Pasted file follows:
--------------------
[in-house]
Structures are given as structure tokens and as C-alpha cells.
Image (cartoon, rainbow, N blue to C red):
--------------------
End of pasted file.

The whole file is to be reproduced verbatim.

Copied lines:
[in-house]
Structures are given as structure tokens and as C-alpha cells.
Image (cartoon, rainbow, N blue to C red):